You’ve covered the basics: you have characters and a story-line. Now you need an environment to put them in, which is what Presence is all about. Presence makes the situation immediate and real, and provides the back-drop against which the story will be played out. The environment of a story is as much a character as the people in it.  You do not exist in a vacuum, and neither can your characters. Presence is what pulls the reader in with your characters and convinces them that their experience is complete. […]


Presence supplies the answers to the basic questions of Who (are the characters involved), What (are they doing), Where (is the setting for the action), When (everything from time of day to century of the story’s events), Why (are they there), and How (did they get there both physically and psychologically). Also there is the question of familiarity: are the characters familiar with the setting, or is it as new to them as it is to the reader? Is it new to some and familiar to others? How different is the setting, if it is unfamiliar? Are the characters prepared to deal with the setting? These questions need not be answered in a block, but in the first third of any unit action, or scene, there should be some narrative elements to provide those necessary elements.

The time and place questions may be addressed in dialogue, such as:

“Goodness, Nicholas, what are you doing here at this time of night?”

“Sorry; the storm blew a tree down and it’s blocking the road.”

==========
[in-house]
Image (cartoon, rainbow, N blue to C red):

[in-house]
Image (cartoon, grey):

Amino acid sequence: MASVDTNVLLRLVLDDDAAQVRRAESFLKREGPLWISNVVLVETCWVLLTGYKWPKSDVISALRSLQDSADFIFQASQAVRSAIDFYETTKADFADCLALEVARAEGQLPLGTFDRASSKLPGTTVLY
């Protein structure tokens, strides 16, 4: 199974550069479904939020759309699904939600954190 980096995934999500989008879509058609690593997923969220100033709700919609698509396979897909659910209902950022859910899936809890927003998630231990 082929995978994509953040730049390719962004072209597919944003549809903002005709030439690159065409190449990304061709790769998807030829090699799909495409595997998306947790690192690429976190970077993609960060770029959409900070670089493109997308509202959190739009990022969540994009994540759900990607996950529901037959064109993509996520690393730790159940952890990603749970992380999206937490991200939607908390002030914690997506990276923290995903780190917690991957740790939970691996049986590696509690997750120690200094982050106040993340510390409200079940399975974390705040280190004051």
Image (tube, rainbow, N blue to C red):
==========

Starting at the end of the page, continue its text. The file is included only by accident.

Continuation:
That is the basic information, and it tells us a great deal. For one thing, the two characters know each other: Nicholas is identified by name. It lets us know it is late at night and the weather is—or has been—bad. It establishes an unsettled mood, but not much else. We do not, for example, know the relationship between the two characters or their feelings about Nicholas’ arrival—and at this time of night—whatever time that might be. We do not know the implications of the arrival for either character.

The addition of a Presence will create the setting and situation that can draw the reader in, as well as establishing a framework for their interaction. How you present the dialogue can be as essential as the dialogue itself, for that is what conveys the Presence to the reader. Enlarging on the information to include the environment and character demeanor can fill in the gaps as well as change the tone of the meeting without altering a single word of dialogue, and relatively little exposition that is not incorporated in the characters’ responses, so that the place the action is occurring is part of the whole.  Bear in mind that the Presence reinforces character and story-line, providing what some call authenticity to the story, meaning that the sense that what is happening in the story is real. One of the ways Presence and character interact is through reaction: reaction is always a good source of information in regard to characters. Note particularly those variations which imply that Nicholas belongs in this place and those in which it appears that he does not.

1) “Goodness, Nicholas, what are you doing here at this time of night? Jeanne demanded in vexation as she held the door against the gusting wind. “It’s past three.”